Each of those instructions comes in two forms. One form also clears the bits in the last 30 bits of the Supplement Prefix Register that it does not load, and as well clears the Single or First Double Augmented and, also, if applicable, the Second Double Augmented bits in the Augment Prefix Register. The other form takes a six-bit augment item from the Augment Prefix Register, advancing its counter unless it is already at 11, and uses it to fill in either the most significant 3 bits of each 15-bit instruction prefix or the most significant 6 bits of the 30-bit instruction prefix, being established in the Supplement Prefix Register. This form sets the Single or First Double Augmented, and, also, if applicable, the Second Double Augmented bits in the Augment Prefix Register.
Thus, four instructions can be given a 6-bit prefix, or two instructions a 12-bit prefix, or one instruction a 24-bit prefix, by a single additional 32-bit instruction. In addition, a 32-bit instruction can be used to provide four augment items which can then be used by four subsequent 32-bit instructions so as either to give two instructions a 15-bit prefix instead of a 12-bit one, or one instruction a 30-bit prefix instead of a 24-bit one.
There are also two instructions that load the last 24 bits of the Augment Prefix Register. One sets the Direct bit, indicating that instructions following with the E bit set will take one augment item as their prefix; the other clears that bit, so that the augment items will instead only be taken to lengthen 12 or 24 bit prefixes into 15 or 30 bit prefixes when the Supplement Prefix Register is loaded.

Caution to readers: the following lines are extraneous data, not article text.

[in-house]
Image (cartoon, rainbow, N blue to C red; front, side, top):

And, therefore, an instruction with the Extend (E) bit set can find an instruction prefix waiting for it that is either 6, 12, 15, 24, or 30 bits in length.
The decoding of the instruction prefix depends on the type of the instruction itself as well as which length of instruction prefix is encountered.
This scheme permits instructions to be lengthened with a high degree of flexibility, and with a limited number of overhead bits in the case where the instructions to be lengthened in a program are grouped in sequences of instructions that all need to be lengthened by the same amount. If instructions with different prefix sizes are mixed, on the other hand, some of the fields in instructions loading the prefix registers will be unused.
Another important consideration to note is that the instructions with the E bit set that use the contents of the prefix registers must be in a block of 256 bits of instructions subsequent to the one in which the instructions loading the prefix registers occurred, so that the prefix register contents are available during instruction decoding.
The third method involves instructions that directly add bits to every instruction in the following block of eight 32-bit instruction words.
One of these instructions belongs to the same group of instructions as the ones that set the prefix registers, but in this case it applies three bits to every instruction word in the next block. The bits are used for instruction predication; if the associated bits are 000, the corresponding instruction is not predicated; otherwise, one of seven flag bits is indicated, and the instruction will only execute if that flag bit is set.
The other instruction in this category only has an eight-bit immediate field, and it associates a single bit with every 32 bits of the following block. However, its purpose is not to make instructions longer, but shorter: if the corresponding bit is a one, the 32-bit instruction word is decoded as two 16-bit register-to-register instructions.